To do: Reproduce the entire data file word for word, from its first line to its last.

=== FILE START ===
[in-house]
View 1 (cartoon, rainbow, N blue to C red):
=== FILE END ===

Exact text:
[in-house]
View 1 (cartoon, rainbow, N blue to C red):